Open main menu

APPENDIX B

The History of the Play

A Midsummer Night's Dream was first printed, in quarto, in 1600. A second quarto bears the same date on the title-page, but this was actually printed about 1619. The existence of the play some years before 1600 is proved by the fact that it is mentioned by Francis Meres in his Palladis Tamia, which was published in 1598. Those who seek to determine the date of composition more definitely than this are obliged to base their opinions upon internal evidence. Some critics see in Titania's speech about the confusion of the seasons (II. i. 88–114) a reference to the unusually cold, wet summer of 1594. Others, believing that the play was written to honor some great wedding, have attempted, without conspicuous success, to determine whose that wedding was. The result of these and other conjectures and of inferences drawn from the manner in which Shakespeare here handled his verse is that there is general agreement that the play was written not earlier than 1593 and not later than 1595.

In its original and complete form the play has been, until relatively recent years, among the less popular of Shakespeare's works, although in 1631 the Bishop of Lincoln got into trouble with the Puritans by allowing it to be performed—in whole or in part—at his house on a Sunday. An abridgment of the play with the title The Merry Conceited Humours of Bottom the Weaver was apparently acted in private during the period when the theaters were closed (1642–1660). Whether the performance which Pepys saw in 1662 and thought 'the most insipid ridiculous play that ever I saw in my life' was a representation of the play as Shakespeare wrote it is not certain, but in 1692 at any rate the original was displaced by an operatic version with music by Purcell, and from then until well on in the nineteenth century the records show only such perversions and adaptations as that produced by David Garrick in 1755, in which some very stupid songs replaced much of Shakespeare's text and in which the parts of Lysander and Hermia were given to Italian singers.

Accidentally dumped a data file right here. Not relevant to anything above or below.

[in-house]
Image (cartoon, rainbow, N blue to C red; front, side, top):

The credit for the restoration to the stage of something like the original play must be given to Tieck, a German translator of Shakespeare, who produced it at Berlin in 1827 with the incidental music by Mendelssohn which has since become famous. Some of the best performances of recent years have been given in Germany, notably the production by Max Reinhardt, which combined remarkable excellences with lapses of taste characteristically German.

In England and America productions reasonably faithful to the original text have been both frequent and popular since the performance by Mme. Vestris in 1840 at Covent Garden in London. The spectacular possibilities of the play and the popularity of Mendelssohn's music have so appealed to managers that the text has often been swamped in scenery and sound, but there must have been good acting in Augustin Daly's production (1888), when Theseus was played by Joseph Holland, Demetrius by John Drew, Lysander by Otis Skinner, and Helena by Ada Rehan. In 1903 the New Amsterdam Theater in New York was opened with a performance of the play characterized rather by lavish expenditure of money than by intelligence of acting or direction; at another revival in 1906, Miss Annie Russell attempted to play the part of Puck; and in 1915 Granville Barker offered to New York his London production, one which certainly displayed intelligence although its gilded fairies and its substitution of supposedly suggestive 'decorations' in place of realistic scenery aroused much hostile criticism.